A Mystery of Painted Stone

Brazil, best known in occult circles for its UFO cases, high strangness eventsand candomblé rituals, also holds it own when it comes to strange landmarkswhich point uncomfortably to origins that perhaps are at odds with scientificdogma.
The best known of these is Pedra Pintada ("Painted Rock") a series ofblocks and rock walls protruding from the ground and overlooking grassy plainsof the Brazilian state of Roraima (on the border with Venezuela). The rock compledpresents an array of rhomboidal shapes, triangles, what appear to be suns, andcrudely drawn figures. In 1838, German explorer Richard Schomburgk ventured upto the Amazon headwaters and was among the very first Europeans to ever gazeupon Pedra Pintada. His native retainers informed him that Pedra Pintada wasconsidered by their folk to house the spirit of Macunaima, one of the heroes ofthe Carib tribes dwelling in the northern end of the South Americanlandmass.Archaeologists have ascribed the Pedra Pintada petroglyphs to the"Rupununi phase" of the Guayanas and dated them between 2000 and 1000BCE. Contemporary native tribes often express a certain amount of fear aboutthese carvings and claim not to know their significance.

The belief that these manifestations could be far older has always beenexpressed, much to the consternation of academia. While Chilean anthrolpologistJuan Schobinger assures us that the question of "ancient vanishedcivilizations" being the responsible for this work has been put to rest,others insist that the question remains quite open and valid.

The best-known challenge to academic auctoritas came from Marcel Homet, aFrench explorer and scholar whose expedition to discover the remains of lostcivilizations in 1949 is chronicled in the book The Children of the Sun.Homet's Amazonian guides regaled him with stories of ruins far up the course ofthe Uraricoera River, and the researcher himself faced a number of perils(carnivorous plants, etc.). Homet's work has been largely discredited, but hisobservations on Pedra Pintada deserve to be commented upon. He considered theodd, egg-shaped stone to be an enormous book containing samples of all of theancient languages of mankind -- old Egyptian hieroglyphs and samples ofMesopotamian symbols. Homet couldn't emphasize enough the rock's importance asa "glyptolithic library" on humanity's past. 

Chile'sBewildering Past

The living have always had a morbid fascination with the process ofmummification. Surely ancient hunter/gatherers in the world's deserts werequite used to the prospect of natural mummification due to exposure inextremely dry and stable climates. Mummies have become an indispensable fixturein literary horror stories about Ancient Egypt and in not-quite-so literarymotion pictures such as 1999's The Mummy. Yet the fulsome and complicated techniquesby means of which the Egyptians disposed of their dead have always seemedunique to that part of the world, although some adventurous souls have claimedthat it was handed down from lost Atlantis. The sunken continent aside, whatare we to make of the mummification practices which took place in the Americas,which were just as complex and far older than any Egyptian ones?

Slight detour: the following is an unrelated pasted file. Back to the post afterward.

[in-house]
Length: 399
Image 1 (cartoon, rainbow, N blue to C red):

In 1917, when anthropologist and explorer Max Uhle discovered the burial sitesof what he called "the AricaAborigines", scholars believed that these non-Egyptian mummification datedto 3000 B.C.E or thereabouts, but contemporary researchers have discovered thatit is at least two millenia older than the date first put forth (5000 B.C.E.).Mummification in Egypt can be dated back to 2400 B.C.E.

The ancient Aricans mummification techniques consisted in skinning andeviscerating the corpse, removing the muscles of the bones and legs, thensetting the insides to dry by means of hot coals. All cavities were filled withsubstances ranging from dirt and wool to feathers and natural fiber. The facewas generally painted white, black or red while a wig completed theensemble. 

Curious similarities to the mummification traditions of the Canary Islanderssoon emerged. Paleopathologist Michael Allison notes that the Chilean mummies"...were collected in family groups of three to eight people, men, womenand children, and kept upright through the use of the rods employed toreinforce them. These families were perhaps personages, healers or shamans, orgreat hunters, having special powers transmittable to the living even afterdeath as long as their bodies remained present." The custom in the Canary Islands, roughly six thousand miles away,prescribed that the new tribal leader be "advised" by the mummifiedbody of the deceased leader, who was kept at hand.

A Canarian historian, Héctor Gonzalez, believes in the possibility that"Atlantis" is source for the commonality of funeral practices.González has conducted a detailed analysis of the descriptions of mythicalcontinent given by Plato in his writings and has checked them against existingmaps and atlases. He suggests that there was never, in fact, a "lostcontinent", and that Atlantis is in South America--locatedin the still-unexplored Guyana Highlands.

The descriptions given by the Greek philosopher, says González, match thephysical features of the PanamaIsthmus, the Matto Grosso region and the bordering Andean range. Ascontradictory as this conclusion may seem, the Canarian historian has arguedthat at no point do any of the classical sources refer to Atlantis as "acontinent", but rather a massive expanse of land surrounded by water.